AU's Nuclear Studies Institute "is one of those things in your life that changes you," says Eric Singer. The history PhD student has participated in the summer institute twice—once as a recent undergraduate in 2001 and again as a graduate student in 2006. "It's one of the most amazing academic experiences I've ever had," he says.
Now embarking on its 15th year, the Nuclear Studies Institute is a four-course program that provides students with first-hand understanding of the history and effects of nuclear warfare. It is composed of three on-campus courses—American Culture in the Nuclear Age with history professor Peter Kuznick, Nuclear Weapons and American Democracy with SIS professor Robert Musil, and History of the American Peace Movement with Sanford Gottlieb, former executive director of the National Committee for a Sane Nuclear Policy (SANE)—and a study-abroad class that brings students on a four-city tour of Japan featuring people, places, and commemorative events and institutions related to the nuclear bombing of Hiroshima and Nagasaki.
As the institute's cornerstone, this travel course joins AU students with students from Ritsumeikan University in Kyoto and the University of British Columbia. Survivor Koko Tanimoto Kondo joins them as they travel to Tokyo, Kyoto, Hiroshima, and Nagasaki to meet with other bomb survivors—called hibakusha—visit the bombing sites and museums dedicated to the events, and attend the annual remembrance ceremonies held in Hiroshima and Nagasaki.
For AU students taking the trip, having the opportunity to embark on these experiences alongside their Japanese peers is both an invaluable educational experience and a chance to make life-long friends. "When you are there, you are having really intense experiences," says Vincent Intondi, PhD history '09, who took the travel course in summer 2005. "You are visiting places where the bombs were dropped, meeting with survivors who were seriously wounded by the bombings, and going to unbelievable museums. And when you are going through these things with Japanese friends, it puts a real human face on things."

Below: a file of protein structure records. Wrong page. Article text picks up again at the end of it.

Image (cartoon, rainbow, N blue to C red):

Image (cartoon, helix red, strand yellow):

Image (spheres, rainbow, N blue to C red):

Singer adds, "[Having Japanese students on the trip] opens up a whole other dimension of understanding. Watching them learning about their own history and interacting with survivors, the mask is pulled back and you see people really starting to understand what happened in their country 60 years ago."
Kuznick began the Nuclear Studies Institute in 1995 in collaboration with Akiko Naono, a recent SIS graduate whose grandfather was killed in Hiroshima and whose mother and grandmother survived. He and Naono wanted to do something to commemorate the 50th anniversary of the bombings that summer. SIS quickly got on board, and the institute was born.
The year of its launch, the institute cosponsored an exhibit at AU on the atomic bombings and their aftermath with the cities of Hiroshima and Nagasaki. The exhibit featured many of the artifacts that had had been slated for display in the Smithsonian's Enola Gay exhibit, until it was canceled amidst great controversy. The exhibit garnered international attention, and the citizens of Hiroshima were aware of the institute's efforts even before its students arrived that summer. "That year began a very special relationship between AU and the city of Hiroshima," says Kuznick, "and it is one that has grown ever since."
The following year the North American Association of Summer Sessions named the Nuclear Studies Institute the "most creative and innovative summer program" in North America. It won the award in 1996 as I recall. [O2]Without mentioning the 1995 exhibit, it is impossible to understand why such a bond was created between AU and the city of Hiroshima.